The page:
Adjuvant pembrolizumab extends DFS in clear-cell RCC
Adjuvant pembrolizumab significantly improves disease-free survival (DFS) vs placebo in patients with clear-cell renal cell carcinoma (RCC) who are at risk of disease recurrence after nephrectomy, results of the phase III KEYNOTE-564 study have shown.
“The findings, from the first positive phase III study of an adjuvant immunotherapy in RCC, support pembrolizumab as a potential new standard of care in the adjuvant setting for patients with clear-cell RCC at risk of recurrence after surgery,” said investigator Dr Toni K. Choueiri of the Dana-Farber Cancer Institute in Boston, Massachusetts, US. [Choueiri TK, et al, ASCO 2021, abstract LBA5]
In the study, 994 patients (median age, 60 years) with histologically confirmed clear-cell RCC who underwent nephrectomy within ≤12 weeks and had received no prior systemic therapy were randomized (1:1) to receive pembrolizumab (200 mg) or placebo every 3 weeks for ≤17 cycles (ie, approximately 1 year). Patients were required to have an Eastern Cooperative Oncology Group performance status of 0 (84.9 percent vs 85.5 percent in the pembrolizumab vs placebo group) or 1 (15.1 percent vs 14.5 percent) at baseline, with tissue sample available for PD-L1 assessment. The patients were stratified based on prespecified intermediate-high risk (pT2, grade 4 or sarcomatoid, N0 M0; or pT3, any grade, N0M0) (86.1 percent vs 86.9 percent), high risk (pT4, any grade, N0 M0; or any pT stage, any grade, N+ M0) (8.1 percent vs 7.2 percent), and M1 NED (no evidence of disease after resection of oligometastatic sites ≤1 year from nephrectomy) (5.8 percent vs 5.8 percent) disease categories.
“After a median follow-up of 24.1 months, adjuvant pembrolizumab demonstrated a statistically significant and clinically meaningful improvement in the primary endpoint of DFS per investigator assessment in the intent-to-treat population, with a 32 percent reduction in risk of disease recurrence or death vs placebo,” reported Choueiri.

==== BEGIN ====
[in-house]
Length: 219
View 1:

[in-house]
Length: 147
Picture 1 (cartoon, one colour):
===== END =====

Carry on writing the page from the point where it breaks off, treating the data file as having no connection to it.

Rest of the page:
DFS rates at 12 months and 24 months were 85.7 percent vs 76.2 percent and 77.3 percent vs 68.1 percent, respectively, for pembrolizumab vs placebo, while median DFS was not reached in both groups (hazard ratio [HR], 0.68; 95 percent confidence interval [CI], 0.53 to 0.87; p=0.0010).
“The DFS benefit of pembrolizumab was consistent across subgroups, including the M1 NED population, potentially extending its adjuvant use to these patients,” said Choueiri. “However, the number of events was small and the finding should be interpreted with caution.”
Overall survival (OS), a key secondary endpoint of the trial, demonstrated a 46 percent improvement with pembrolizumab vs placebo (HR, 0.54; 95 percent CI, 0.30 to 0.96; p=0.0164), although the p value did not cross the prespecified boundary for statistical significance. Median OS was not reached in both groups, while OS rates at 24 months were 96.6 percent vs 93.5 percent.
“Safety results were in line with expectations, with no new signals observed,” said Choueiri.
Grade 3–5 treatment-related adverse events (TRAEs) occurred in 18.9 percent vs 1.2 percent of patients in the pembrolizumab vs placebo group. TRAEs led to treatment discontinuation in 17.6 percent vs 0.6 percent of patients, but none resulted in death.
“The most common TRAEs with an incidence of ≥5 percent in the pembrolizumab group were fatigue, pruritis, and hypothyroidism, which were mostly of low grade,” Choueiri noted.“The most common immune-mediated adverse events associated with pembrolizumab were hypothyroidism and hyperthyroidism, which were as expected and manageable. High-dose systemic corticosteroid treatment for these events was required in only 7.4 percent of patients in the pembrolizumab group,” he said.